Mar 11, 2014
Chilean Students Take to the Streets
Posted on Aug 7, 2011
Young Americans may lie sedate while insatiable corporatists ride roughshod over their futures, but not their South American counterparts. Animated by a growing student debt, young Chileans are opposing the longstanding privatization of their university system with hunger strikes, sit-ins, kiss-ins and playful costumed dances that have drawn crowds of up to 100,000. The protests have helped plunge slow-moving President Sebastian Pinera’s popularity to its lowest level since he assumed office last year.
The protesters are demanding constitutional changes that guarantee free education from preschool through high school and a quality, equal-access state-funded university system. Hundreds have been arrested, and leaders of the movement have refused to accept the government’s watered-down attempts at placation.
The leaders of these demonstrations are clever to hold kiss-ins and flash dances. Crowd control theory and technology became much more sophisticated following events in the 1960s that prompted governments to spend vast amounts to determine how best to control protesters. As Truthdig columnist Chris Hedges has made clear, states will respond to violent dissent with the full force of their new weaponry, which includes tranquilizing chemicals, taser-armed Roomba Corp. robots and, of course, aerial drones. Public demonstrations must be nonviolent; government attacks on peaceful protesters are more likely to be portrayed in the media as official brutality instead of justifiable defense against rock-throwing youths, so easily demonized.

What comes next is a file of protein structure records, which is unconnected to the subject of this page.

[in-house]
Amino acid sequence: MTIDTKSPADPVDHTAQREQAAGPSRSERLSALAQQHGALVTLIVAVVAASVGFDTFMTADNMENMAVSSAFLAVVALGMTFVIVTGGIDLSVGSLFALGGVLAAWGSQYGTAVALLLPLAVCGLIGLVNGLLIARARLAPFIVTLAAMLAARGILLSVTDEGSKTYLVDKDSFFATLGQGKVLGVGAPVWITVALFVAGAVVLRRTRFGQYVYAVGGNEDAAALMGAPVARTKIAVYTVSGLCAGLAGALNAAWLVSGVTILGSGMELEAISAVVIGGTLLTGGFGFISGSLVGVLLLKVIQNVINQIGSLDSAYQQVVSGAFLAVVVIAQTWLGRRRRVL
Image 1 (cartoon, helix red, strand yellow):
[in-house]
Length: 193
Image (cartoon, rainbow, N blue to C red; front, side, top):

The young Chileans have devised a means of protest that will make it extremely costly to the politicians, policemen, soldiers and other goons intent on harming demonstrators, and all revolutionaries should be aware of these developments. —ARK
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